The guitar player, James (now you can see why I kept getting their names mixed up) joined us, and we passed another hour that way, until our pit stop at a restaurant somewhere in the middle of nowhere. In a stoned moment I wondered if there was any way to be sure we were going the right direction.
John, the road manager, showed us to a private room in the back of the place, a train car diner that had sprouted a few extra dining rooms four times as big as the original place. “I recommend the chocolate cream pie,” he said as they brought us all menus and then he went off to do whatever road managers do when they disappear–to confirm our hotel reservations? Talk to the diner manager? Chocolate cream pie sounded good. Bart reminded me to eat something else, too. I settled on a hot open roast beef sandwich with mashed potatoes. When he couldn’t finish his fries I ate those, too, sopping up the extra gravy on my plate. “Make a note where this is,” I said to him. “In case we come this way again.”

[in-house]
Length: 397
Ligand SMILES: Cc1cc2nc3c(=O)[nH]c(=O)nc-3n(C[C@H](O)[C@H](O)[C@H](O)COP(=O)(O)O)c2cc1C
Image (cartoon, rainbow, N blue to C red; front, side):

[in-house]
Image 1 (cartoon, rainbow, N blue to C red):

You seem to be enjoying yourself,” he said.
“Why, are my eyes bloodshot?”
“Only a little.” Bart leaned forward so his shoulders almost touched the edge of the table and I knew he was holding Michelle’s hand under the table. Aww. “It’s good, though. You seem more relaxed than usual.”
“I just like being on the road, I guess.” I mean, hey, I got to play so much music my fingers hurt and I got to do so much of another certain something that certain other parts of me hurt. And I was happily stoned and well-fed. “I think I need a nap, though.”